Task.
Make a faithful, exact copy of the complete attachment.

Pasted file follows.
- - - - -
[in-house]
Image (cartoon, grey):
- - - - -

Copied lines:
[in-house]
Image (cartoon, grey):